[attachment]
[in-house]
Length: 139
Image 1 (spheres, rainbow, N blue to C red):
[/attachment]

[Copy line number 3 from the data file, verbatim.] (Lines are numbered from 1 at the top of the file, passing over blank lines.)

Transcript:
Image 1 (spheres, rainbow, N blue to C red):